Witness the warping of reality as Sagittarius A*, the Milky Way’s central supermassive black hole, spins at speeds that bend light and challenge our understanding of physics.
The supermassive black hole at the Milky Way’s center is reaching near the universe’s speed limit, influencing the space-time continuum itself.
At the very heart of our galaxy, the black hole known as Sagittarius A* is almost hitting its rotational speed ceiling, pulling the space-time continuum along with its rapid spin.
This cosmic giant anchoring our galaxy isn’t merely rotating; it’s whirling at speeds that almost hit its theoretical maximum, carrying nearby matter in its powerful gravitational grasp.
Astronomers have gauged the spin rate of our galaxy’s central black hole, Sagittarius A* (Sgr A*), through observations from NASA’s Chandra X-ray Observatory, which allowed them to study the emissions from material being ejected.
Black hole spin rates are measured on a scale from 0 to 1, where 1 represents the highest speed limit for a black hole’s rotation, a speed that’s a significant fraction of light-speed.
Research led by physicist Ruth A. Daly of Penn State has placed Sgr A*’s rotation between 0.84 and 0.96, signifying it’s spinning close to the maximum rate determined by its own mass.
Their findings were detailed in a recent issue of the journal Monthly Notices of the Royal Astronomical Society, dated Oct. 21.
Unveiling the near-maximum rotation of Sgr A* opens new doors to comprehending the origins of black holes and the complex dynamics of these intriguing celestial phenomena, as shared by Xavier Calmet, a theoretical physicist not part of the study.
The spin of black holes marks a stark difference from other space bodies. While planets and stars have tangible surfaces that govern their rotation, black holes are defined by the event horizon, a boundary beyond which light cannot return.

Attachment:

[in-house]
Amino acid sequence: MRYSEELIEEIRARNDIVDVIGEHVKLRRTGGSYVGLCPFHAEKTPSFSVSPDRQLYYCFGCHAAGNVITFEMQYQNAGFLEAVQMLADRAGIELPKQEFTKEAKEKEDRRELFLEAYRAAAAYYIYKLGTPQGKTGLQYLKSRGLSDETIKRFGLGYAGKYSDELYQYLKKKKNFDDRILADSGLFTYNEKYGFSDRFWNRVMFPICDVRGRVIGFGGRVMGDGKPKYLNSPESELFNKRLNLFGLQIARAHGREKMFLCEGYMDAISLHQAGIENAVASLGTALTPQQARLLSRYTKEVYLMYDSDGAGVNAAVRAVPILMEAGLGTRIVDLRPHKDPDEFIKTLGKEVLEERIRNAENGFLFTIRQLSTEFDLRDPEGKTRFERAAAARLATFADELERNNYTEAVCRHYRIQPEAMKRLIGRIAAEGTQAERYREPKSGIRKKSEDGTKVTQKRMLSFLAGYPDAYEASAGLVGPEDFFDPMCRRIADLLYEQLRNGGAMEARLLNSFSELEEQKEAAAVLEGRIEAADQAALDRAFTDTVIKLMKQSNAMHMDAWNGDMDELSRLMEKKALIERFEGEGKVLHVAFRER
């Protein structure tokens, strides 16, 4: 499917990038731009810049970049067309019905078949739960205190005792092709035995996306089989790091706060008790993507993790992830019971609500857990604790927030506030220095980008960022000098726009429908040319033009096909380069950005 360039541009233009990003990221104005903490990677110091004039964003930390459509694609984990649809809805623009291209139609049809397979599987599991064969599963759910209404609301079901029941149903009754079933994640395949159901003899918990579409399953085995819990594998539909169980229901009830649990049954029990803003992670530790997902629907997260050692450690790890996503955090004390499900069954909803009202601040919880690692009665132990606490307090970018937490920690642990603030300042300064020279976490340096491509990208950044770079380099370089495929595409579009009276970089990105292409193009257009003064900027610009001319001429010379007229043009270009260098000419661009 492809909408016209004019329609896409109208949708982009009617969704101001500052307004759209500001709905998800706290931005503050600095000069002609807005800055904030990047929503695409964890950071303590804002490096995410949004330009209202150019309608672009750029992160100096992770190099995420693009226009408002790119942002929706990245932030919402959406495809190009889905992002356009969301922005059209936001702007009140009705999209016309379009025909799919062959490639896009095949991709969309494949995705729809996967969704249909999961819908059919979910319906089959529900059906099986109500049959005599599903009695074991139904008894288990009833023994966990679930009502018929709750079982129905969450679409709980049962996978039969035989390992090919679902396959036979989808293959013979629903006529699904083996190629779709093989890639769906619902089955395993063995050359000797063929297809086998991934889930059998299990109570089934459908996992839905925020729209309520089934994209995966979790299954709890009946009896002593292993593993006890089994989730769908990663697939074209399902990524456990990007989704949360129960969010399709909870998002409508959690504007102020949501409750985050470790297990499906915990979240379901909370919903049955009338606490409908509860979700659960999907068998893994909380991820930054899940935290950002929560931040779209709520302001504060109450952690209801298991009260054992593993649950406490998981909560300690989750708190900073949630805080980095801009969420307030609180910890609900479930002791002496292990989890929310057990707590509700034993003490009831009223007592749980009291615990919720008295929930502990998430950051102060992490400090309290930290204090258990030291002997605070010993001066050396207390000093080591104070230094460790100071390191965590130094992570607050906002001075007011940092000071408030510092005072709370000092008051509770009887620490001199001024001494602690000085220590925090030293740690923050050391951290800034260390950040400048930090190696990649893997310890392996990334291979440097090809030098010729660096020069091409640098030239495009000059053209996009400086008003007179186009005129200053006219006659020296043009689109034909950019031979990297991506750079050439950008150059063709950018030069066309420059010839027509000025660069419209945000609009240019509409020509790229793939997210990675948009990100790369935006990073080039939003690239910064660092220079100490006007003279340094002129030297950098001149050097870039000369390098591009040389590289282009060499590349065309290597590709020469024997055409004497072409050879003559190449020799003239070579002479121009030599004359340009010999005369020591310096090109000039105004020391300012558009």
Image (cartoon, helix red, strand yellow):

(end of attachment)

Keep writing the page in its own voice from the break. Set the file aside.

“While the rotation of a planet or star is governed by the distribution of its mass, the rotation of a black hole is described by its angular momentum,” as explained by Calmet. “Due to the extreme gravitational forces near a black hole, the rotation causes spacetime to become highly curved and twisted, forming what is known as the ergosphere. This effect is unique to black holes and does not occur with solid bodies like planets or stars.”
The spin of black holes doesn’t just alter space-time; it ensnares anything within the ergosphere, a process known as “frame dragging” or the “Lensing-Thirring effect.”
To decode the behavior of space surrounding a black hole, understanding its spin is crucial, which also results in unusual visual effects.
For instance, as light passes near a spinning black hole, space-time’s rotation warps its trajectory, a process known as gravitational lensing. Such distortions can create light rings or even cast a black hole’s shadow, visual proof of a black hole’s gravitational pull on light.
The peak speed a black hole can achieve depends on its matter consumption and growth. Calmet notes that as a black hole engulfs matter, its rotation quickens, up to a point. The black hole’s mass also plays a role; larger black holes have stronger gravity, making it harder to boost their spin rate.
The growth and feeding patterns of black holes play a vital role in their maximum spin speed.
“Additionally, the interaction between the black hole and its surroundings, such as accretion disks, can transfer angular momentum and affect the black hole’s spin,” Calmet adds.
This might help explain why Sgr A*, with a mass about 4.5 million times that of our sun, has a rotation rate between 0.84 and 0.96, whereas the much larger black hole in galaxy M87, despite being 6.5 billion times the sun’s mass, spins at a rate between 0.89 and 0.91.
Image Credit: MIT